Israeli Prime Minister Benjamin Netanyahu is doing what is sensible, from the perspective of a leader of a country whose principle ally, America, appears to be abandoning it, a former United States ambassador to the United Nations told The Algemeiner on Thursday.
John Bolton, who — during his tenure at the UN from August 2005 until December 2006 — was responsible for having General Assembly Resolution 3379 (more commonly known as “Zionism is racism”) rescinded, was responding to a query about Netanyahu’s recent visits to Moscow, rapprochement agreement with Turkey and bolstering of ties with African nations and with those Arab countries concerned about Iran’s ability to acquire nuclear weapons.
“Now, I understand that the US has just signed this ‘wonderful’ Memorandum of Understanding with Israel, which the administration in Washington correctly says represents the largest military-aid package over time in its history. But it’s inadequate and everybody knows it,” said Bolton, during an event held by the Gatestone Institute — a New York-based think tank that specializes in strategy and defense — on the day that Netanyahu addressed the 71st session of the UN General Assembly.
Bolton, who serves as Gatestone’s chairman, added that, during a recent visit to Israel, he told Netanyahu that he was right to sign the MoU, and that “if the election has the right outcome, he should re-open it – something that would be met with great receptivity. The greater risk would have been not signing an agreement, and getting an administration after the presidential elections that gave an even worse deal.”
It’s understandable, although unhappy, that Netanyahu is trying to make accommodations with the likes of Turkey and Russia. But if he can’t count on the United States – and he certainly can’t count on Western Europe – he has to do what he can to mitigate the potential threats from them and their friends around the region.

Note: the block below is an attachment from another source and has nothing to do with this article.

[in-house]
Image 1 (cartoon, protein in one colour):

We know that Russia has enormous influence with the Assad regime in Syria, which wouldn’t be there if it weren’t for Russia and Iran, and influence, obviously, with Iran itself.
Where Egypt is concerned, and Netanyahu’s increasingly strengthening ties with President el-Sisi, I think Netanyahu is ahead of the United States, because we ought to be finding ways to have a better relationship with that government. We’ve succeeded in the past six years, since the beginning of the Arab Spring, in alienating every significant faction of political Egypt: the military doesn’t trust us; the Muslim Brotherhood doesn’t trust us; what’s left of the more western, pro-liberal part of society doesn’t trust us…
The point, stressed Bolton, is that Netanyahu is left no recourse, due to US weakness.
“If you believed in American commitments, and if you believed we understood, as we once did, what was at stake in seemingly remote places, you wouldn’t need to do what Netanyahu has been doing – certainly not to the extent he has — or what our Arab friends, the oil-producing monarchies on the Arabian Peninsula, are doing by talking to China and Russia. They’re not moving out of the neighborhood; the neighborhood’s getting more dangerous for them, too. So they’re going to look after Number One from their perspective. And they’re worried about America’s long-term commitment.”
This, said Bolton, author, most recently, of the best-selling book, Surrender Is Not an Option, “creates a cycle of estrangement from the United States that feeds on itself. We hear politicians in America saying, ‘Our allies are ungrateful; they’re not pulling their weight.’ Well, it’s true about a lot of them. But that doesn’t mean you abandon your allies. It means you get your house in order and get back to doing basic alliance-management, which we haven’t done in the past eight years.”
(c) 2016 The Algemeiner Journal